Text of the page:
An entity may contain synonyms. Multiple synonyms are mapped to a single reference value. The reference value is the value passed to the Cloud Function by the Action. For example, take the reference value of ‘GCP.’ The user might ask Google about ‘GCP’. However, the user might also substitute the words ‘Google Cloud’ or ‘Google Cloud Platform.’ Using synonyms, if the user utters any of these three synonymous words or phrase in their intent, the reference value, ‘GCP’, is passed in the request.
But, what if the post contains the phrase, ‘Google Cloud Platform’ more frequently than, or instead of, ‘GCP’? If the acronym, ‘GCP’, is defined as the entity reference value, then it is the value passed to the function, even if you ask for ‘Google Cloud Platform’. In the use case of searching blog posts by topic, entity synonyms are not an effective search strategy.
A better way to solve for synonyms is by using the synonyms feature of Elasticsearch. Take, for example, the topic of ‘Istio’, Istio is also considered a Service Mesh. If I ask for posts about ‘Service Mesh’, I would like to get back posts that contain the phrase ‘Service Mesh’, but also the word ‘Istio’. To accomplish this, you would define an association between ‘Istio’ and ‘Service Mesh’, as part of the Elasticsearch WordPress posts index.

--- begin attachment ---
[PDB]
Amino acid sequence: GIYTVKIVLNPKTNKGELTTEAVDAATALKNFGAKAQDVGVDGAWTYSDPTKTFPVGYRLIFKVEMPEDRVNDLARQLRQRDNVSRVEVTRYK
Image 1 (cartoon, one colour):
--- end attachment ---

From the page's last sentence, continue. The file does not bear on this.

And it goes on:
Searches for ‘Istio’ against that index would return results that contain ‘Istio’ and/or contain ‘Service Mesh’; the reverse is also true. Having created and applied a custom synonyms filter to the index, we see how Elasticsearch responds to an analysis of the natural language style phrase, ‘What is a Service Mesh?’. As shown by the tokens output in Kibana’s Dev Tools Console, Elasticsearch understands that ‘service mesh’ is synonymous with ‘istio’.